How a high school education program plan looks on paper and how it plays out in practice is a process that can become fraught in the best of times. Throw COVID in as that program launches and things can get very messy, very quickly.
At least, they could if captained by anyone other than Special Education Transition Teacher Holly Huggins…
“The Special Education administration team knew there was a need for the Transition Program,” said Kara Brechwald, PCSD’s Special Education Teacher Leader.
Brechwald described that there are a number of students who have great skill sets in many areas - who are excellent contributors - and who need individualized support to help them get set up for success.
The answer: to create a new pathway, the Park City High School Transition Program for the students progressing to work in the community. The leader hired to bring it to life was Holly Huggins, who was raised in Park City and graduated from PCHS herself.
“We did our best to individualize, but we didn’t have this specific teacher dedicated to this wonderful meaningful curriculum,” Brechwald continued. “Holly has implemented it.”
And under Huggins’ stewardship, which started in her first year of teaching (in 2019), it became so much more than simply putting a plan into practice…
“What is amazing about Holly is that she is growth-minded,” Brechwald continued. “She constantly asks, ‘How can I make this better for the students? How can I make their outcomes better?’ And that’s not only with what they’re doing - but their attitude and how they’re approaching the work.”
The 4 PCHS Special Education teachers currently support about 100 students. Within the department, there are three programs: Resource, Transition, and Essential Elements.
10th - 12th graders take some or all of Holly’s Transition classes, which include functional math; career exploration; community access and resources; and life skills. The topics run the gamut, from dealing with utilities and voting, to taking the bus and securing a job.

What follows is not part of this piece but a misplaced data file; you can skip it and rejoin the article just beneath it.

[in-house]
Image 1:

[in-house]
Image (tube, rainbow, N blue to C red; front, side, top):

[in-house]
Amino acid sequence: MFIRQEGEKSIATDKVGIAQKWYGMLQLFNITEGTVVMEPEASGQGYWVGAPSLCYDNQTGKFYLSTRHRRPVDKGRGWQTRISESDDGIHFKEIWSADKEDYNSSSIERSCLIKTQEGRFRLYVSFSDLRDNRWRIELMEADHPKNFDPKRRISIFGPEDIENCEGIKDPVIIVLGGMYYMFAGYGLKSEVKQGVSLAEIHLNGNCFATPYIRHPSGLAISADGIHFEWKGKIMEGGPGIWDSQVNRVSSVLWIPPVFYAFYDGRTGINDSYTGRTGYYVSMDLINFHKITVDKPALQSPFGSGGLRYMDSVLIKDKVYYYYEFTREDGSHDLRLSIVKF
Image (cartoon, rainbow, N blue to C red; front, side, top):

“A lot of what I do is informed by my students,” Holly said. “I love getting to individualize this for students. I never would have thought about teaching the stock market - but students kept coming to me and asking about investing. It is part of participating in society - so now it’s part of what I teach!”
Holly’s dedication to individual attention has been life-changing for many of her students… including Ava Jennings, who graduated from PCHS in 2022.
“I’d heard of Aggies Elevated at Utah State, and then, we were gifted here with someone who had first-hand knowledge of the ins and outs,” said Kristen Jennings, Ava’s mother (who also happens to be Park City High School’s nurse).
“Holly helped Ava apply - and it has impacted Ava’s life tremendously. She lives in a dorm and goes to classes and has the support to have a typical college experience.”
The opportunity to have a “typical” experience has become “typical” for Holly’s students…
All of her students - all of them! - graduate, get jobs, or move on to higher education.
The PCHS Transition Program graduated its first cohort in May of 2022 - with a 100% graduation rate and a 100% employment rate. Many now attend college at University of Utah, Utah State, Weber State, Salt Lake Community College, and Utah Tech University. And for three years in a row - since the program started - every single person who is in the transition program will have paid work experience.